You are so young, so before all beginning, and I want to beg you, as much as I can. dear sir, to be patient toward all that is unsolved in your heart and to try to love the questions themselves like locked rooms and like books that are written in a very foreign tongue. Do not now seek the answers, which cannot be given you because you would not be able to live them. And the point is,to live everything. Live the questions now. Perhaps you win then gradually, without noticing it, live along some distant day into the answer.  Ranier Marie Rilke

Thomas Merton on “Freedom”

“To consider persons and events and situations only in the light of their effect upon myself is to live on the doorstep of hell. Selfishness is doomed to frustration, centered as it is upon a lie. To live exclusively for myself, I must make all things bend themselves to my will as if I were a god. But this is impossible. Is there any more cogent indication of my creaturehood than the insufficiency of my own will? For I cannot make the universe obey me. I cannot make other people conform to my own whims and fancies. I cannot make even my own body obey me. When I give it pleasure, it deceives my expectation and makes me suffer pain. When I give myself what I conceive to be freedom, I deceive myself and find that I am the prisoner of my own blindness and selfishness and insufficiency.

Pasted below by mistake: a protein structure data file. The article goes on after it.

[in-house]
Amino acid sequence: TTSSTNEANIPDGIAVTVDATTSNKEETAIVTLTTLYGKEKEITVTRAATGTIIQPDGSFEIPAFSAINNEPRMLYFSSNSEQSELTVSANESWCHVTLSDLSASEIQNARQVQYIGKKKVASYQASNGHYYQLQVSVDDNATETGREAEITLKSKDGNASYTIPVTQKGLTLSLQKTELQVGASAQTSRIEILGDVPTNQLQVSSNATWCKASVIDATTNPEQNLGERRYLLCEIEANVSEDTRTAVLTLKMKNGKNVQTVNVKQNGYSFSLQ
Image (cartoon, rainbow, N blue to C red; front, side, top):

It is true, the freedom of my will is a great thing. But this freedom is not absolute self-sufficiency. If the essence of freedom were merely the act of choice, then the mere fact of making choices would perfect our freedom. But there are two difficulties here.

First of all, our choices must really be free—that is to say, they must perfect us in our own being. They must perfect us in our relation to other free beings. We must make the choices that enable us to fulfill the deepest capacities of our real selves. From this flows the second difficulty: we too easily assume that we are our real selves, and that our choices are really the ones we want to make when, in fact, our acts of free choice are (though morally imputable, no doubt) largely dictated by psychological compulsions, flowing from our inordinate ideas of our own importance. Our choices are too often dictated by our false selves.